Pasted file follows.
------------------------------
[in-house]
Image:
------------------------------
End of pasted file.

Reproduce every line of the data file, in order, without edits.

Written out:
[in-house]
Image: